Overshoot day

Overshoot day

Overshoot day is the day in the year when human activities have used up the amount of the Earth’s natural resources that can be renewed within one year.

Ideally this is sometime in very late December or better still, January, February or later in the in the subsequent year. Overshoot day celebrated then would mean we are either in balance or slightly ahead using less resources than are renewed each year. This was pretty much true up to the late 1960’s.

In 2017 overshoot day was 2nd August.

This leaves another 151 days left in the year to keep everyone going on resources not renewed within the year. We are using up credit, reserves of resources that sit in the renewable pool.

There is more bad news if you are Australian. Our Aussie lifestyle chews up more resources than most. If everyone lived like us then overshoot day arrives on 12th March, almost half a year earlier.

Put another way, if everyone lived the Aussie lifestyle, we would need 5.2 Earths worth of renewable natural resources per year. And if we all had the British stiff upper lip or Italian suits, then it would be 3.0 Earths.

This is a serious problem folks. I mean it. We are overextended taking up at least a third more than is renewed. It is like having a salary of $100 a week and spending $130 a week. It is only sustainable for as long as your savings or credit card allows.

Aussies should be ashamed that they are the most profligate being ahead even of the Americans (5.0 Earth’s in their case); not that finger pointing helps. All the wealthy people in the world are collectively living on credit. We are borrowing from the pool of reserves without an ability to pay back in. The risk in this transaction is not secured against any collateral other than the technology mantra.

In natural resources terms, buy now, pay later, becomes use now, worry about shortages later. And it could become use now, deal with collapse later.

If laboratory rats run out of food they get hungry, then they fight each other, and then they eat each other.

It is ugly.

Our system of credit, supply chains, and technology applied to renewable resources will buffer us for a while. It is why we don’t feel shortages or, indeed, hunger for those of us living on $100 plus a day (a little under $50,000 a year before tax).

It is also why we buffered this system after the GFC even though we knew it was built on sand and so much of the extra credit promised ended up in just a few pockets. We should pay much more attention to all this. But I digress, here is the key message.

Overshoot day is the most important day of the year. If we are smart, less greedy and less fearful we could even make it a biannual celebration.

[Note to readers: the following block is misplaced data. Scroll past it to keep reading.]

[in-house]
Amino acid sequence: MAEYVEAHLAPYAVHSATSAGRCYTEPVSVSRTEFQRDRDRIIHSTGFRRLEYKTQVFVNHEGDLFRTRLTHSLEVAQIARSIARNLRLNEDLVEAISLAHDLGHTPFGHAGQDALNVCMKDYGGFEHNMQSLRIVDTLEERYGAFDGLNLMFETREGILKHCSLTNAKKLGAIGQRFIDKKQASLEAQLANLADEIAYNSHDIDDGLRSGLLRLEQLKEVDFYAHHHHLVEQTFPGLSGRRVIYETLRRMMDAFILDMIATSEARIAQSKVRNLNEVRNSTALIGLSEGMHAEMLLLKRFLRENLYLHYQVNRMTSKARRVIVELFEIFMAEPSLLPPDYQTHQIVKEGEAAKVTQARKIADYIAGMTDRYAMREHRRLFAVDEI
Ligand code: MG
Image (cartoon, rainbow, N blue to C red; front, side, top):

So when you are pondering your New Year’s resolutions and reflecting on another year lodged into history, with full stomachs and the lingering indigestion of Christmas cheer, spare a thought for the day in 2018 when we overshoot our renewable resources for another year.

Staggering

Staggering

“The US surveys consistently show that ‘reading proficiency’ as exemplified, for instance, by the ability to ‘compare viewpoints in two editorials’ is possessed by only 13 per cent of the US adult population.”

From ‘The Challenge of Things: Thinking Through Troubled Times‘ by A. C. Grayling

This is a remarkable quote.

If the numbers are true, then roughly 8 out of 10 average Americans can’t discern viewpoints from what they read. This is both an indictment on levels of literacy and on the consequences of them being so low.

It could be that most people are not aware that they do not know what the written words mean. They readily form opinions from what they hear and see on conventional media and have those views reinforced by their social media feeds. When all that they read comes in the form of a tweet then there is hardly any discerning to be done. It’s too easy to find the reinforcement of your worldview.

It could be even simpler than this. Maybe people do not make up their minds. Instead, they just listen and take everything they hear as gospel.

So here is one consequence of this staggering reality.

There is very little point in editorials.

Lasts

Lasts

A sailor in the 1600’s was the last human ever to see a dodo, the bird species from Mauritius that filled the bellies of sailors so effectively they were collected to extinction.

The sailor, a ship’s cook perhaps, was blissfully unaware of what he had just done when he dispatched the last dodo ever seen. He was just doing his job. Indeed it was only with considerable hindsight that we can even imagine who he was even though his name will never be known. At the time nobody knew that the last dodo had just been broiled.

On a hot afternoon in the Zambezi valley in 1988, a male black rhino was so frightened and angry with the sides of a mopane pole boma erected to hold him that he bloodied his nose trying to bash them down. Zimbabwe National Parks officers watched at a safe distance doing their job assisting the capture and removal of the animal to a reserve in South Africa as part of a rescue mission to save his kind.

As I felt the brute force of a metric ton of herbivore trying to escape no thought came to me that this could be it. I didn’t think that a greenhorn academic might be one of the last to see such a magnificent creature born, raised and surviving in the wilderness. After all, it looked like it was, captured and caged as though it were already in a zoo. Except that I could have something in common with the ship’s cook of centuries past. I could be the last human to see the last wild black rhinoceros not otherwise manipulated somehow by a human hand, fence or tranquillizer dart. For history will not record it in any more detail than it could for the dodo.

The thing is that on a planet so dominated by one species there is always going to be the last. And lasts will not herald themselves for our attention. They will happen quietly.